9 Mar 2023

Council decides against paying to help stabilise landslip next to New Plymouth home

5:54 am on 9 March 2023
Jennifer Chen has black long hair and wears an orange dress. She stands at the edge of her property looking down at the cliff which has fallen away.

Jennifer Chen has been unable to sleep since the cliff gave way and she is off work. Photo: RNZ / Robin Martin

A New Plymouth couple whose home is teetering on the edge of a massive slip on council-owned land is seeking legal advice after councillors voted not to pay to help fix the problem.

David and Jennifer Chen say they can no longer let their daughter play outside and have trouble sleeping at night since the cliff collapsed.

The Chens' Merrilands home is perched above the Waiwhakaiho River overlooking the picturesque Audrey Gale Reserve.

In July last year a huge chunk of the cliff face gave way.

David Chen, who is a geotechnical engineer, said the slip was a threat to his home.

"It's just three or four metres away very close to my property, so I'm worried and I'm concerned about if this situation continues.

"It's already a potential risk, a real risk, a high risk for human safety and our house's safety."

David Chen

David Chen made an impassioned plea to council asking for financial help to repair the slip. Photo: RNZ / Robin Martin

Chen made an impassioned plea to council this week asking for financial help to fix the slip or to be bought out so the couple could move on.

The council made its decision behind closed doors.

"They said they won't take care of this land and they won't repair this land and they won't think about other options right now. What I have got is that they just won't help to stabilise this land."

Jennifer Chen had been unable to work since the cliff gave way.

"It's my nightmare and eventually I can't have a normal life. I can't have a good sleep every night. This life is ridiculous."

David Chen said their 11-year daughter Nancy was barred from playing outside.

"No, I won't let her too close to this area because I worry she'll fall to the bottom."

Neighbour Pete Swanson said the Chens have been broken by their ordeal.

Neighbour Pete Swanson said the Chens have been broken by their ordeal. Photo: RNZ / Robin Martin

Next door neighbour Peter Swanson said the ordeal had taken an awful toll on the couple who moved to New Zealand only four years ago.

"It's a very tight neighbourhood, we have our little groups and have catch ups every now and again, but they're broken people which is a shame because that's the first home they ever bought.

"They used to be out in the garden all the time mowing the lawns doing the gardens, building stuff but now you don't see them the curtains are pulled and Jenny is just broken. It's sad."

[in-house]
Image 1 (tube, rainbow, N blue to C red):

He was disappointed with the council response because the Chens were prepared to share the cost of fixing the bank but could not go forward without council help.

Councillor Dinnie Moeahu walked out of the behind closed doors meeting when it was clear the council was not going to support the couple.

"There's erosion occurring that's affecting the property but it is on council reserve land and council in my view are finding a way not to be responsible in terms of fixing that erosion.

"I'm not satisfied I think council can do better. My issue is that as council we have a duty of care a responsibility. It is on council land so why aren't we fixing it?"

Incoming New Plymouth mayor Neil Holdom.

Mayor Neil Holdom is sympathetic to the Chens' plight but says council does not want to set a precedent over land that is experiencing naturally occurring subsidence. Photo: RNZ / Robin Martin

Mayor Neil Holdom sympathised with the Chens and acknowledged they were disappointed with the decision.

"Council was asked essentially to draw the line between private loss and public liability for what is a naturally occurring land subsidence in the area where it's been a known issue for decades.

"In this situation we were unable to support the request and ultimately we didn't want to set a precedent."

The subsidence was recorded on the property's Land Information Memorandum (LIM) report and the council had to consider that it owned 700 hectares of reserve land adjacent to thousands of private properties, Holdom said.

"We determined that a decision to provide a financial contribution, while meeting the interests of the family affected in this case, would be financially unsustainable for ratepayers."

It was a difficult decision for councillors to make, but they couldn't ignore the advice they had received or the wider issues, he said.

"You only have to look at the scale of the land subsidence issue we are seeing all over the country with climate change and flooding to realise that councils and communities can't to cover all of these costs and a line has to be drawn somewhere.

"We are also waiting for a piece of legislation around this, which is part of the Resource Management Act reform process which will clarify the government's view on where the line be drawn between private loss and public liability in the case of these situations."

Holdom said the council remained committed to monitoring the safety of the cliff, cleaning privately-installed drains - which had been funded by the Earthquake Commission for previous residents - and would provide access through the Audrey Gale Reserve should the Chens choose to fix the slip themselves provided they did not create a hazard or ongoing liability to council.

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